VCU finished its newest addition to residential housing over the summer: the updated Gladding Residence Center.
The first set of freshman residents — about a third of the total 1,518-student capacity — moved into the double traditional and semi-suite room style dormitory commonly known as GRC on Aug. 12. The early move-in came as a perk for those participating in VCU’s week-long summer programs such as Ram Camp, the Honors College Freshman Research Institute and the Louis Stokes Alliances for Minority Participation STEM camp.
“At first glance, I saw that everything was brand new,” said freshman Ester Pinkson, a biology major. “I was just so excited to have a new mattress, a new shower, a new everything — it’s just really refreshing.”
The hall includes amenities like study rooms, community kitchens, a gaming center, an indoor gym and gender inclusive communal bathrooms with European-style partitions and locking shower doors.
Standing 12 stories tall with four “neighborhoods” for student engagement, the center was first approved by the VCU Board of Visitors in early 2016 as a $96 million project, according to university public affairs.
The new residence hall replaced the Gladding Residence Center phase one and two buildings and is located at the intersection of Main and Laurel streets. According to university public affairs, the 360,000 square foot dorm increased capacity by about 600 beds, allowing more freshmen to live on the Monroe Park Campus.
Trade-offs came in the form of Gladding Residence Center phase three reverting back to freshman-only housing. West Grace South, Ackell, Cary and Belvidere and Grace and Broad residences reverted back to only housing upperclassmen — with the exception of freshmen entering Living-Learning Communities — and Cabaniss Hall now houses a mixture of freshmen, upperclassmen and graduate students.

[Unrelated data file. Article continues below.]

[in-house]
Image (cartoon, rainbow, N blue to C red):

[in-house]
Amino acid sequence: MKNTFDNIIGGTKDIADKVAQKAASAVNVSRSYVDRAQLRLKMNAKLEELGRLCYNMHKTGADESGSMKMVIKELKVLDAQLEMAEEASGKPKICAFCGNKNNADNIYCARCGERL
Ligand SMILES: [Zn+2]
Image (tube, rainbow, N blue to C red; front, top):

Reuben Rodriguez, Associate Vice Provost and Dean of Student Affairs, said the comprehensive project was the result of a private-public partnership between VCU and American Campus Communities, the “nation’s largest developer, owner and manager of high-quality student housing apartment communities,” according to its website.
Rodriguez said VCU tried to envision “what the students might want” in anticipation of the year 2018 when GRC’s planning first began.
“My favorite part of the GRC is definitely the little lobbies on each floor (that) everyone hangs on,” said undecided freshman Tianna Vannarath. “Everyone is just really friendly.”
GRC’s amenities go well beyond the living spaces. The first floor contains VCU Residential Life and Housing offices, a housing leadership center — open to students involved in the RLH community for relaxation and study purposes — and a “building support space,” where students can go when they are in need of emotional or academic support, encouragement or just someone to talk to.
Almaz Belayneh, Contributing Writer